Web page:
In the United Rugby Championship sales pitch, these were the nights they were promising.
High stakes, World Cup winners, British and Irish Lions, full-blooded rugby under the Friday night lights. And it went right down to the wire.
When the Sharks shipped 42 points on their URC debut at Thomond Park last September, few would have thought they'd be coming to Belfast in Round 18 looking to stake their claim on a home-quarter final.
The squad they brought to Kingspan Stadium was unrecognisable from the group in Limerick though. Backed-up by their Springbok heavyweights, and the return of Lukhanyo Am from Japan, Sean Everitt's side fancied their chances of sealing a top four finish.
So too, though, did Ulster.
The task for both sides was simple; win, and the home quarter-final is yours. For Ulster, it would be mission complete.
Dan McFarland's side weren't at their best this evening, but they won this game through their physicality. The Sharks brought with them a ferocious pack and a reputation for using it, but the home side continually met them at the gainline.
Iain Henderson was immense, the captain leading by example both in the tight and the loose, where his deft offload to Stuart McCloskey set up his side's second try.
Duane Vermeulen tackled relentlessly, while Nick Timoney came up with two huge turnovers at the start and end of the first half. And with the game in the balance Kieran Treadwell and Matty Rea came off the bench and made an impact, Treadwell with some huge tackles, while Rea prevented a near-try late on with an excellent turnover.
On a showery night, handling proved difficult for both sides, but Ulster showed just enough in flashes. James Hume joined his centre partner McCloskey in scoring a second half try, while the pair marshalled Am diligently in defence.
They had been 10-0 in front at the break, Mike Lowry's try on 25 minutes giving them the cushion, and despite the Sharks fighting back with second half tries for Ntuthuko Mchunu, Marius Louw and Grant Williams, Ulster just about held the late fightback off.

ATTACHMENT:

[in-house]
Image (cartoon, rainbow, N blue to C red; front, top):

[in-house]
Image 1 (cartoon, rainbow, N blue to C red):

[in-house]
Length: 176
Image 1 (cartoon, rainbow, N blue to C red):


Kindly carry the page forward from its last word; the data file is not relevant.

The win ensures a home-quarter final for the province in two weeks time, while the Sharks will more than likely be be on the road, and could very well be back in Belfast in a fortnight.
A torrential downpour before kickoff dictated the style of rugby in the opening stages, with both sides sending kicks high into the evening sun that was peeking out at the Aquinas end of Kingspan Stadium.
Handling was an issue too, with Ethan McIlroy spurning an early tryscoring opportunity when his wide pass to Rob Baloucone on the overlap seemed to slip out of his hands on release, before skidding out over the touchline.
The handling errors were plentiful, but both sides had positive intentions. A dropped catch in his own 22 by Baloucone almost led to a Sharks try, before they managed to bundle Phepsi Buthelezi into touch, while moments later McIlroy almost connected with a Billy Burns crossfield kick, only to meet the same fate.
After a scoreless quarter of an hour, John Cooney tapped over the first points with a routine penalty in front of the posts, Henderson and Alan O'Connor combining for a turnover before Ox Nche was called for offside.
The Sharks were losing their discipline; Curwin Bosh tackled Baloucone in the air, and shortly after on 25 minutes Buthelezi was penalised, as Ulster kicked to the corner, which led to the opening try.
After a number of short carries, it was Hume who unlocked the Sharks defence, carrying to the gainline before popping back to Burns. The outhalf's looping pass just evaded the diving Am to find McIlroy, and the wing showed tremendous hands to flick the ball back inside to Lowry, who dived over to score.
Cooney's conversion brought up double figures for Ulster, who pushed the lead out to 10-0.
The first blow for Ulster came on the half-hour mark, when Lowry saw his night ended. The full-back stood his ground well to tackle his opposite Aphelele Fassi, but came out worse for wear, and a bloodied Ireland international was walked off for a HIA, from which he didn't return.